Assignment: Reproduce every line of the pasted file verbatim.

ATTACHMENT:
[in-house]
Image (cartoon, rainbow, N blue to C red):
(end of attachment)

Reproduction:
[in-house]
Image (cartoon, rainbow, N blue to C red):